Member feedback was overwhelming for my recent article, “What to do when you don’t have the answer.” TechRepublic readers interpreted my suggestions in varying ways, and as always, they gave really interesting, enlightening comments.
Overwhelmingly, the decision to be honest was number one on the list. We got some great comments from all sides, though, and here are a few examples.
Don’t avoid the issue
Some readers were dismayed that “be honest” was at the end of my list of suggestions. Many people indicated that trainers will lose the respect of their students if they try to bluff their way through an uncomfortable situation.
Rasmus W. said that when a student has a question that you don’t have the answer to, tell them right away, and you can both benefit by looking for the solution.
“If you try to be dishonest about your inability to answer a question, most people will see right through you (unless you are an extremely good actor), and they will feel that they can no longer trust you to tell them the right things.”
Kris K. agreed that trainers risk a lot by not being up-front with students.
“If you make a practice of just dodging questions you don’t know the answers to, you lose your credibility as a teacher, the respect of your students, and the opportunity to impart any knowledge at all. Students are not stupid; they will quickly catch on to the fact that not only do you not know the answer—which is not a crime—but that you are a dishonest person.”
Paul M. said that the “quietly turn off the overhead projector and look up the answer” idea wasn’t very realistic.
“Unless you are as slick as Houdini, your students are going to know what you’re doing when you turn off the projector lamp.”
Booner got the impression from the article’s suggestions that ego was more important than education.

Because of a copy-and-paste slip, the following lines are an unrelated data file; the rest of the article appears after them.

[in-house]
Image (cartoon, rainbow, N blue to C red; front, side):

“It seems that most of the techniques discussed in this article are aimed at protecting the ego of a trainer who doesn’t know the answer to a question…. The last point made is the best one: Be honest; then follow through at a later time.”
Honesty really is the best policy
Even though some training managers may not ever want to hear the phrase, “I don’t know,” MCT1 said that is the best thing you can tell students, if that is, in fact, the case.
“I’ve found that the most effective answer in this situation is, ‘I don’t know, but I will find out.’ We’re all human and can’t be expected to know all of the answers. The second key is follow up. Research the question during a break or lunch and present the solution to the class.”
Bill B. said that students are not stupid, and they will see right through trickery.
“Honesty is best. You make a mistake in class; so what! You’re human; you are allowed. Trying to cover up the error is just going to look like a tap dance, and it is. All you accomplish is looking worse than when you started. If you do not know the answer to a particular question, look it up. Do not bluff. It will come back to haunt you.”
Trekker picked up this advice while teaching computer classes at a state college.
“The first night during introductions, I told them that because computer technology changes so quickly it is difficult to keep up on the cutting edge and also know all there is to know. I also said that if I were asked a question that I did not know, I would do my best to answer it by the next class. I firmly believe that the students respected and appreciated my honesty, and it made for a better class.”